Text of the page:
A common misperception among parents is the notion that joint custody means equal parenting time. Not so. Parenting time for the non-custodial parent is the same in both sole and joint custody situations. Another common misperception is that an award of joint custody will prevent the custodial parent from moving out of state with the children. A custodial parent cannot unilaterally move out of state absent agreement of the other parent or an order of Court, regardless of whether he or she holds joint or sole custody of the child.

For many parents going through a divorce, the custody determination can be one of the most contentious and emotional aspects. For best results, parents must look at the best interest of their children, not necessarily what works for either parent.

Custody Evaluations

If the parties cannot agree on custody, and mediation is unsuccessful, the court orders a custody evaluation. With a custody evaluation, the Court appoints a custody evaluator, who is a psychiatrist or psychologist with special training and expertise in custody issues. The evaluator will meet with each parent to conduct psychological testing which may include testing for the children. The evaluator will observe each parent interacting with the children and interview the children, and others who are familiar with the family (i.e. teachers, therapists, doctors). After the interview, the custody evaluator presents a detailed report to the Court, with specific recommendations about custody and visitation arrangements that are in the children's best interests.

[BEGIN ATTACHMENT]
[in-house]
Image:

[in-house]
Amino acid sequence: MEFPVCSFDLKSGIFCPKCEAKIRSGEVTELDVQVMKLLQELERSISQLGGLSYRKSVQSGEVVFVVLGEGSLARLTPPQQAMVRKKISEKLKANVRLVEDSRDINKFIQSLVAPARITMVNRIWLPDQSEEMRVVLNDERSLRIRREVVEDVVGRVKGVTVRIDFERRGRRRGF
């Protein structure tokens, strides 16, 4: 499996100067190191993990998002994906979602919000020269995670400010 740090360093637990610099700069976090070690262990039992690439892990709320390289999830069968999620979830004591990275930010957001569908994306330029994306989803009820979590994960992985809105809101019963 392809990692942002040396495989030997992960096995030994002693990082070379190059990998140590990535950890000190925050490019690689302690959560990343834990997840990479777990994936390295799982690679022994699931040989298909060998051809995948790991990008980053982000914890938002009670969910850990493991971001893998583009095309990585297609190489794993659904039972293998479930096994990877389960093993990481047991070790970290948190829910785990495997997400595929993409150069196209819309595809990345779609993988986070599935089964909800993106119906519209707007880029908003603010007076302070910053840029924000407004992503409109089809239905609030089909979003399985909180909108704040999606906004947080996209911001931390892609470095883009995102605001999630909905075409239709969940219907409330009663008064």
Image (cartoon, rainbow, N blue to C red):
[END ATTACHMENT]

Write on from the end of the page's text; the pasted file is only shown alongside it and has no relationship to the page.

The custody evaluator is a court witness and a judge will place great weight to the evaluator's recommendations in an instance where custody cannot be agreed to by the parents. The cost of the custody evaluation is usually borne by the parties, in proportion to their respective incomes. If either mother or father does not agree to the custody evaluator's recommendations, a second custody evaluation, with a new evaluator, may possibly occur. The cost of the second evaluation is always borne by the party requesting it.